The Saadani National Park
Saadani National Park is Tanzania’s youngest national park, covering 1150 square km in the east of the country, north of Dar es Salaam. The park has the distinction of being the only coastal wildlife sanctuary of its kind on the eastern coast of Africa. It offers a completely unqiue safari environment, combining the most rare of recipes - river, bush and beach. The extraordinary Wami River forms the Southern boundary of the Park. From the open sea you can boat into the river mouth and within minutes you are passing pods of hippo and basking crocodiles. The entire eastern boundary of the park is set along the Indian Ocean where white beaches stretch to the horizon in both directions, and sand islands off-shore provide snorkelling and swimming.
After periods of Portuguese and Arab domination, the region gained importance in the 18th and 19th century following the rising international demand for ivory and slaves. The actual Saadani village emerged together with towns like Bagamoyo and Pangani, as new trading centers connecting Zanzibar with long-distance trade routes from Tabora. At the end of the 19th century, Bwana Heri bin Juma was ruling Saadani. In oral tradition he is the mythological founder-hero of the village as he resisted all Zanzibari attempts to occupy the town and defeated the Sultan’s troops in 1882. Bwana Heri was initially not opposed to European traders until the arrival of the German colonists. In 1886 the German protectorate’s borders were established. Two years later, the coastal people organised a resistance against the Germans under the joint leadership of Abushiri bin Salim al Harth and Bwana Heri. On the 6th June 1889 Saadani was bombarded and taken by the Germans, Bwana Heri being considered by the Germans as an honourable enemy was told to rebuild Saadani.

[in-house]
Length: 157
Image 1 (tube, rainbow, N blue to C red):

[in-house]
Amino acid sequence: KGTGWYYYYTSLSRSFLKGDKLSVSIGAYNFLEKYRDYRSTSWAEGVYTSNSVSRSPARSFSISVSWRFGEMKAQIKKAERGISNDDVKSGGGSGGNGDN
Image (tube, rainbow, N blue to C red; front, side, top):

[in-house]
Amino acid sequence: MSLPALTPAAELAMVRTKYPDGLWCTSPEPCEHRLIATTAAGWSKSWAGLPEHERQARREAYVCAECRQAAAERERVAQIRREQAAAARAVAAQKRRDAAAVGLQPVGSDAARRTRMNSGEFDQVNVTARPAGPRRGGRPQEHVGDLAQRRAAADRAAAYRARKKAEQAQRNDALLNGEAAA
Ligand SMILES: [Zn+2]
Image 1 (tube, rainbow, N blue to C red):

Saadani and Bagamoyo’s caravan trade went into decline at the end of the 19th century while Dar es Sallam rose to be the most important trading center of the coastal region. Commercial production along the coast, such as rice, sugar and copra, which were exported to Zanzibar, disappeared after the German invasion, they were replaced by cash crops such as coffee, cotton and sisal from the European market. Following the transfer of the protectorate to the British after the First World War, sisal, kapo, cashew estates and cattle ranches were established the Saadani area, ruins of stone houses still bear testimony to the former nourishing conditions. An old German Boma and several graves can still be found in Saadani.
Saadani National Park was gazetted in 2005, encompassing former preserved ecosystems the Mkwaja ranch area, the Wami river as well as the Zaraninge Forest. In 1969 when the Saadani game reserve was officially created, Saadani village elders were consulted and the loss of cultivated land was compensated for. Before being included in the National park, the Zaraninge forest was managed by the World Wide Fund for Nature (WWF) whose goal was to preserve the extremely high botanical diversity of one of the last remaining coastal forest in Tanzania.